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Post-genomic characterization of Nitrospina, a major marine nitrite oxidizer

 

Supervisor: Holger Daims

PhD student: Anna Mueller

Group: Division of Microbial Ecology, Centre for Microbiology and Environmental Systems Science

 

 

 

Elucidating the role of versatile metabolisms in Nitrospinae and other marine nitrite oxidizers

The aim of my PhD project is to study alternative energy metabolisms and further characterize the ecophysiology of Nitrospinae, a marine nitrite oxidizing bacteria (NOB). Thus far, little is known about the Nitrospinae, with the exception of their chemolithoautotrophic ability to fix COthrough aerobic nitrite oxidation. Given their dependence on oxygen for carrying out nitrite oxidation, I hypothesize that the Nitrospinae can utilize various alternate energy metabolisms in low oxygen environments. However, only two highly related Nitrospinae have been isolated to date, which are distantly related to the environmentally dominant marine Nitrospinae clades.

In the first stage of my PhD, I established nitrite-oxidizing enrichment cultures from various marine samples to obtain strains that are representative of the dominant Nitrospinae. Using metagenomes acquired from these enrichments, I then identified two that contained representatives of abundant Nitrospinae. Due to the laboriousness of the isolation process, I developed a method using single-cell sorting via fluorescent activated cell sorting (FACS) paired with nitrification activity screens. This method has allowed me to culture two additional novel Nitrospinae strains that are distantly related to each other and those previously isolated. Subsequently, using Nanopore and Illumina metagenomic sequencing, I obtained two complete genomes and generated metabolic hypothesis by comparative analysis. We are also currently exploring their physiology via nitrite oxidation kinetics (microrespirometry).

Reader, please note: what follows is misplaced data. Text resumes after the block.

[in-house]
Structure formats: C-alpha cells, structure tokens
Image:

In the second stage of my PhD, I have been collaborating with microfluidics experts from the Stocker lab at the ETH Zurich, to develop a Raman activated single-cell sorting method to further discover alternative metabolisms of NOB in the environment. Recently, it was shown that single metabolically active cells can be labelled using a substrate of interest and heavy water, deuterium oxide (D2O), which upon incorporation, can be detected by Raman microspectroscopy. I am adapting this method to marine NOB using nitrite, D2O, and defined incubation conditions (e.g., different dissolved O2 levels). Moreover, we are exploiting Raman signals originating from NOB-intrinsic cell characteristics, such as high-level resonance c-type cytochromes, to identify NOB in the environment. Positively identified cells can then be sorted using a custom made microfluidic device followed by single-cell DNA amplification and sequencing. This newly developed method allows us to study the ecophysiology of Nitrospinae in a targeted, activity-based, cultivation-independent manner. The optimal environmental systems to apply this method are oxygen minimum zones (OMZs). Here, insight into the unexplored metabolic diversity of NOB is urgently needed to explain the high abundance of Nitrospinae in O2 depleted regions and to further elucidate their ecological roles within and beyond the N cycle. We have therefore started a collaboration with experts in OMZ research from the Kuypers lab at the Max Planck Institute in Bremen, where I also spent my secondment. During this time, I was fortunate enough to join a sampling trip to a Peruvian OMZ with researchers from the Kuypers lab.  Using the sample from various depths and in situ O2 concentrations, which I have brought back to Vienna, I will use our Raman-activated cell sorting method to identity novel Nitrospinae. These will then be sequenced and analyzed to elucidate the habitat distribution and niche differentiation of marine NOB in OMZs with respect to alternative metabolisms and lifestyles.

The project will primarily be based at the University of Vienna, and the experiments with fresh marine samples will be conducted during an extended research stay in the lab of Prof. Andreas Schramm, University of Aarhus, Denmark.

 

Please find a list of publications here. 

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